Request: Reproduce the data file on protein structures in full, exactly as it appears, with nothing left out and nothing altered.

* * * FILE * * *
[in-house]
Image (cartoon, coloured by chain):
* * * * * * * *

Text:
[in-house]
Image (cartoon, coloured by chain):